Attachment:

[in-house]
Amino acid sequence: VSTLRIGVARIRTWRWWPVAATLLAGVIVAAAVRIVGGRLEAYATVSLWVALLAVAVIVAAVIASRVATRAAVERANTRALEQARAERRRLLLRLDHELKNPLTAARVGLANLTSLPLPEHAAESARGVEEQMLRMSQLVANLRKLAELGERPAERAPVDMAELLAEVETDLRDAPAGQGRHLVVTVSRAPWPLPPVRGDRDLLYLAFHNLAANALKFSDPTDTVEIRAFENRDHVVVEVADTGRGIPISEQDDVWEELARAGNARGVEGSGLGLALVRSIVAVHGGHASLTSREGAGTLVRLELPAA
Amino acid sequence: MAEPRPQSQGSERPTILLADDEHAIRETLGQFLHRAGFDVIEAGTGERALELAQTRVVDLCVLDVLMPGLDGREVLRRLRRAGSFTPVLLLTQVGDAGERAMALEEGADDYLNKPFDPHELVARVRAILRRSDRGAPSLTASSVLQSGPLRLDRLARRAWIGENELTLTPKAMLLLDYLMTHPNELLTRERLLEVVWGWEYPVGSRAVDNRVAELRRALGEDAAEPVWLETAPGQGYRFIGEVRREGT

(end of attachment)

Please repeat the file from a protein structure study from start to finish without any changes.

[in-house]
Amino acid sequence: VSTLRIGVARIRTWRWWPVAATLLAGVIVAAAVRIVGGRLEAYATVSLWVALLAVAVIVAAVIASRVATRAAVERANTRALEQARAERRRLLLRLDHELKNPLTAARVGLANLTSLPLPEHAAESARGVEEQMLRMSQLVANLRKLAELGERPAERAPVDMAELLAEVETDLRDAPAGQGRHLVVTVSRAPWPLPPVRGDRDLLYLAFHNLAANALKFSDPTDTVEIRAFENRDHVVVEVADTGRGIPISEQDDVWEELARAGNARGVEGSGLGLALVRSIVAVHGGHASLTSREGAGTLVRLELPAA
Amino acid sequence: MAEPRPQSQGSERPTILLADDEHAIRETLGQFLHRAGFDVIEAGTGERALELAQTRVVDLCVLDVLMPGLDGREVLRRLRRAGSFTPVLLLTQVGDAGERAMALEEGADDYLNKPFDPHELVARVRAILRRSDRGAPSLTASSVLQSGPLRLDRLARRAWIGENELTLTPKAMLLLDYLMTHPNELLTRERLLEVVWGWEYPVGSRAVDNRVAELRRALGEDAAEPVWLETAPGQGYRFIGEVRREGT